Microsoft has been working on all these differences within their frameworks ecosystem and they released .NET 5 (https://dotnet.microsoft.com/download/dotnet/5.0) last November. .NET Core and .NET Framework have been developed simultaneously until now that have been unified bringing the best features of both into a single framework. From now on, Microsoft will continue updating this framework and not .NET Core and .Net Framework. Between all of the new features I would like to remark two of them:
- Top-level statements: Useful for simplifying code like no specifying the namespace will assume you are declaring it in the global namespace, writing code outside any method in a simple project will assume that it belongs to the
main()method (which in my opinion decreases the cognitive level of your code).
- Record types: This is an immutable complex reference type. If we define a record type object, then its properties cannot be changed once initialized. This is very helpful when we compare two record types; if their properties have the same values, then the objects are equal. This does not happen with reference types, that only return true when we compare two references to the same instance.
- Init-only setters: This is a very useful feature since it lets you to set an object’s property value on its initialization without the need of declaring a constructor that takes those values. This improves the readability of the code in my honest opinion.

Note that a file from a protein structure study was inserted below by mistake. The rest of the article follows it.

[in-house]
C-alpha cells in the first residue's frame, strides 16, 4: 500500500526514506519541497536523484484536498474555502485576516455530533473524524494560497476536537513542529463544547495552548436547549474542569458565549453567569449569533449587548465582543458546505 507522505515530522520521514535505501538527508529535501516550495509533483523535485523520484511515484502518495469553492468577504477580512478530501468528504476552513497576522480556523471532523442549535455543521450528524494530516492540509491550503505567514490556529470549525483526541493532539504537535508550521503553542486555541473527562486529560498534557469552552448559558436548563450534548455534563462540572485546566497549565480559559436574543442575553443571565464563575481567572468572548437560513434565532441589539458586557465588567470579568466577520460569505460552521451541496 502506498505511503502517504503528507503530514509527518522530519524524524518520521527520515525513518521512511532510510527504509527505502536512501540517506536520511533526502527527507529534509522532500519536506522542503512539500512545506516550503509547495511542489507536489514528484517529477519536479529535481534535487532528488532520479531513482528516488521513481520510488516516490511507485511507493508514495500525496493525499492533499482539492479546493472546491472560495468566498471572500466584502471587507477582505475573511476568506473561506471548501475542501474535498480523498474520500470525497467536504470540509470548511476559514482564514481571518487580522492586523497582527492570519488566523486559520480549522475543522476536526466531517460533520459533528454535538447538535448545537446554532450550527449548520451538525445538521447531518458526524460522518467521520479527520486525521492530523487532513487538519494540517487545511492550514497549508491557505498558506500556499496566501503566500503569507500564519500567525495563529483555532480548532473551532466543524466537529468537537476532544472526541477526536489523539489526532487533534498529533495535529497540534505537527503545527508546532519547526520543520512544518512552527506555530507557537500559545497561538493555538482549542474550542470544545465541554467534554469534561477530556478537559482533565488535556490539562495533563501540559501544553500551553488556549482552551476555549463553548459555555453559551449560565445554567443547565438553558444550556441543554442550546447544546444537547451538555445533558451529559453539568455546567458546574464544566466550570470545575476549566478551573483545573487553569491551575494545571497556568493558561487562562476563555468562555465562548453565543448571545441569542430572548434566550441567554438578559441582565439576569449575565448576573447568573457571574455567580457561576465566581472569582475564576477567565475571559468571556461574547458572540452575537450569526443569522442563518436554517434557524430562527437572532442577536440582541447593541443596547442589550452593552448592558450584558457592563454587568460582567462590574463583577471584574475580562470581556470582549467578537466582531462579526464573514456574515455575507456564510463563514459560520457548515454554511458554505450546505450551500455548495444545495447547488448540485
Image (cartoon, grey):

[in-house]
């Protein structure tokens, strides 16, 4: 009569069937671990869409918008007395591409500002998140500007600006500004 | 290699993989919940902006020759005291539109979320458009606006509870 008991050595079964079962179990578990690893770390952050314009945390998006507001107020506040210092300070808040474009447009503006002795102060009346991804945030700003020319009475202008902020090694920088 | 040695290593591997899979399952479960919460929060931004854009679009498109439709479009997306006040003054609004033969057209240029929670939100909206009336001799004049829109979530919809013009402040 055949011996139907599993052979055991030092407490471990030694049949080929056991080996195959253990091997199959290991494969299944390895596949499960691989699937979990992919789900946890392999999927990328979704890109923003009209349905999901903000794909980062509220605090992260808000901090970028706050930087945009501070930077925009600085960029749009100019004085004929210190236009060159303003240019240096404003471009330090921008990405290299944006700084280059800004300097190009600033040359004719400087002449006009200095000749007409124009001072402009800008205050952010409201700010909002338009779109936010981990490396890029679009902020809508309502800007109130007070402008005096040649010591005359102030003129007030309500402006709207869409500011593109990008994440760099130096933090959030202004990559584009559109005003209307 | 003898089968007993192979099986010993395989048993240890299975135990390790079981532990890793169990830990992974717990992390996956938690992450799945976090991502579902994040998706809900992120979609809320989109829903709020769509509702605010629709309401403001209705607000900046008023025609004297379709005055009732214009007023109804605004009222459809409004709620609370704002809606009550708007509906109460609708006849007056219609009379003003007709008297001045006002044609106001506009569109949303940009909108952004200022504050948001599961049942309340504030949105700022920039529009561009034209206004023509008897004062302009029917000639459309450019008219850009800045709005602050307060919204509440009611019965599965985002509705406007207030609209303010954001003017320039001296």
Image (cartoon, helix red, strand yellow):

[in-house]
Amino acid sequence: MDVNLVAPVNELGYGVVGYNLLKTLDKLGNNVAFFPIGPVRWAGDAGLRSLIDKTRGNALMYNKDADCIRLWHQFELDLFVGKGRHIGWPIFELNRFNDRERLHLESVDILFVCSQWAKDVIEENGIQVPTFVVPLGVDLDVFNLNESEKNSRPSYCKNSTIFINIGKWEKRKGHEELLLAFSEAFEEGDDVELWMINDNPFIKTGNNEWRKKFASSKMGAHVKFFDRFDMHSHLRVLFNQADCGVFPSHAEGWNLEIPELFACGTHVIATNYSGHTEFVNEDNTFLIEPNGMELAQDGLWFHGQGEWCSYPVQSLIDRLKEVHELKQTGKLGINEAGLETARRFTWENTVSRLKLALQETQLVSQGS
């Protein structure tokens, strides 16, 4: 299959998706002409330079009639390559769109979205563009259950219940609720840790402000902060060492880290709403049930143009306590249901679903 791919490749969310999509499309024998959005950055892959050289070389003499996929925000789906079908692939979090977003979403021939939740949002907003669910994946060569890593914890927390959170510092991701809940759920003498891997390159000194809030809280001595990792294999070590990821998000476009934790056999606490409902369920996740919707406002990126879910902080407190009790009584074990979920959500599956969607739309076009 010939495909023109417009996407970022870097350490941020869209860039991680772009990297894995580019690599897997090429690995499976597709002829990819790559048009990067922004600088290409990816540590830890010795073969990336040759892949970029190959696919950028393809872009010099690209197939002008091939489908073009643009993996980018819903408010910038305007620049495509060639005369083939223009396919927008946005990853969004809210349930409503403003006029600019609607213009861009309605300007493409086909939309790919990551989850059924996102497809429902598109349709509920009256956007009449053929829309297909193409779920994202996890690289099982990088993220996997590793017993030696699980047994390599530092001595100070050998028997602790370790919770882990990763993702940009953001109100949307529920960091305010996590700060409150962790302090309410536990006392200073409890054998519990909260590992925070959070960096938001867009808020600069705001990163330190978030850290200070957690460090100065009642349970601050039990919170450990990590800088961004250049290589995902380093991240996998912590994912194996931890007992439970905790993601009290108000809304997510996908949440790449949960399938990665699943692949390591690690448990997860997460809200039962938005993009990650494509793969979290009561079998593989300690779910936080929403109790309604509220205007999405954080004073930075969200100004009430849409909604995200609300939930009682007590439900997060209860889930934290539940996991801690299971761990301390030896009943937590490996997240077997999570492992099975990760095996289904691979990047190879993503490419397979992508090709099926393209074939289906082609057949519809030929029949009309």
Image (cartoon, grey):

.NET MAUI (upcoming next year with .NET 6):
The new .NET Multi-platform App UI (MAUI) will let you use the same code for defining Android, iOS, macOS and Windows user interfaces, all in one project. This becomes the evolution of Xamarin and it supports modern patterns as MVVM and MVU.
Right now i’ve read a lot of comments from brave developers that have migrated their projects to the new .NET 5 framework and most of them agree on that the process have been surprisingly easier than they thought. I want to perform a proof of concept project using .NET 5 and .NET MAUI to have my own impressions.
Besides the evident differences between the platform your app is going to be targeted to (micro services, web, desktop, …), porting from .NET Framework to .NET Core requires work so if your application already exists, is stable with .NET Framework and there are no major upgrades planned, there is no need to migrate to .NET Core. By the other hand, if your application needs to be built from scratch (and there is not a deadline since you need to analyze and check what libraries you need) then .NET Core is the right choice, then check if migrating to .NET 5 is worth a look. In case you don’t have a hard deadline and you want to experiment I would definitely give a try to .NET 5 from scratch if the project needs to be build from there. Mono and Microsoft teams have been working hard and there are still some things that need to be fitted in this new framework but I think their work deserves a chance.
As you can see, the .NET environment is a little bit complex but if you get the main differences between the different frameworks it becomes less complex. Also thanks to .NET 5 the complexity to understand it will be less and I really hope that this fact will increase the expertise of all the .NET developers out there. Great times are coming!
As always, if you find something that is not well explained or that is wrong, please let me know in the comments below. See you all in the next post!